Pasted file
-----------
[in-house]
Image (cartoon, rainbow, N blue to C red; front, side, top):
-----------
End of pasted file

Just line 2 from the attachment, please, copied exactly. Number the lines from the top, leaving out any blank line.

Image (cartoon, rainbow, N blue to C red; front, side, top):